At sunset he goes from Arafah to Muzdalifah and there prays Magrib, Isha, and Fajr. If he is tired or has little water, it is permissible for him to combine Magrib and Isha. If he fears that he will not reach Muzdalifah until after midnight, he should pray before he reaches it for it is not permissible to delay prayer until after midnight. He remains there, in Muzdalifah, making supplications and remembering Allah till just before sunrise. If he is weak and cannot handle the crowd during Ar-Ramy, it is permissible for him to go to Mina at the end of the night to stone the Jamrah before the arrival of the crowd. Near sunrise, a pilgrim goes from Muzdalifah to Mina.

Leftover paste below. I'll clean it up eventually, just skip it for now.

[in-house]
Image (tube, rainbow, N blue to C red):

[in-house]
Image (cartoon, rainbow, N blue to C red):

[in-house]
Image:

Upon reaching it he does the following:
- He throws seven consecutive pebbles at Jamrah Al-Aqaba which is the closest monument to Makkah, saying Greatest,” as he : “Allah is the throws each pebble.
- He slaughters the sacrificial animal, eats some of it, and gives some to the poor. Slaughter is obligatory on the Mutamati and Qiran.
- He shaves or clips his hair; shaving is preferable. A woman clips her hair the length of a finger-tip.